Ramana Teja’s Aswathama opens rather ominously, with an NT Rama Rao-channelling voiceover quoting a passage from the Mahabharata. It’s about the disrobing of Draupadi, which no one questioned — except one man. “Only Aswathama raised his voice and was saved. This is justice.” A little later, there’s another ominous stretch. A man hands his underlings some money, along with a young woman’s photograph, and asks them to get her for him. (This man is played, of all people, by MS Bhaskar. It’s nice to see him in a quasi-villainous role.) The men carry out the deed, using a… poison-tipped shuttlecock. (I must admit, I’ve not seen this MO anywhere else.) What happens to the poor girl?
For that, we must wait. We must wait a good half-hour, which introduces us to the happenings in the hero’s household. We get a black-and-white prologue, with a pregnant woman being wheeled into the ICU. She delivers a baby girl. Her young son (the future hero) walks in a little later and peers over the cradle. The infant stops screaming. The mother looks at him and asks, “Will you always look after your sister this way?” In other words, if not for that scripture-spouting voiceover, if not for that poison-tipped shuttlecock, we are squarely in the realm of the big, fat Telugu family drama.
I suppose the director wants to ease us into the proceedings. Instead, he ends up wasting a lot of screen time. We waste time on the hero-intro shot. (Naga Shaurya plays Gana, the little boy from earlier, now all grown-up.) We waste time on the hero-heroine duet. (Mehreen Pirzada plays Neha.) We waste time on the song that takes place during Gana’s sister’s wedding. We even waste time on some hare-brained philosophising. Gana and his cousin (or maybe a friend) are smoking in the bathroom. The cousin recalls some poet saying that the relationship with a cigarette is far better than the relationship with the people around you. Gana explains why. “Some people come into our lives permanently. But in the end, even if we beg them to stay, they will leave us. But the thing that comes without intimation and stays with us till the end, even if we ask it to leave, is the cigarette.”
Some will call all of this “acceptable commercial compromise” and make their peace with it. Others, like me, will wait impatiently for the real plot to kick in. In the midst of all those happy-family scenes, we do get an inkling of where the film is headed. Someone is pregnant, but she does not know how. It’s a relief that the man she is with trusts her and accepts her situation as an unfortunate accident — but other women are not so lucky. Finally, we begin to see it’s an epidemic. Who are all these young women ending up pregnant, without any knowledge of how it happened?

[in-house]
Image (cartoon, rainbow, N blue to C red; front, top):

All clues point to a serial killer — or at least, a serial molester. The man is revealed midway through the movie, and his evilness is described by the MS Bhaskar character (likened to Shakuni) as follows: “I don’t know what time his mother gave birth to him… he seems to have been born with the cruelty of a hundred Kauravas.” So they’re really pushing that Mahabharata angle we heard at the film’s beginning. And with Jatayu and Ravana being invoked, the other epic makes its presence felt, too.
But Aswathama never manages to tie these mythic roots to the modern-day trope of the serial offender. There’s a really creepy scene where the villain has sex with a corpse, but the man’s motivations are fuzzy and the chain of crimes isn’t convincing at all. The gore isn’t… gory enough. Perhaps the idea was to make this genre of film something the whole family could watch, which may explain the rakhi sentiment (and a sentimental song) bang in the midst of Gana’s furious investigation. But why get into this zone in the first place if you are going to skimp on the dread and not leave the audience squinting, with a queasy feeling in the stomach?
At the end, what we get is some sort of “mass” movie. When Gana starts beating up a bunch of men linked to the villain, a song erupts in the background: An angry man with fire in his eyes / Fierce warrior, this fearsome man / Like the timeless Lord Shiva, a hero who is like a torrent / He doesn’t spare wicked and cruel people / He has unexpected intelligence / His life is like an invincible electric current / His determination is a tsunami… Some of the action isn’t bad, but what’s the use of energetic heroics if you don’t have a strong-enough villain? If you are filching from the epics, Rama had a ten-headed demon. Gana just has a paper tiger.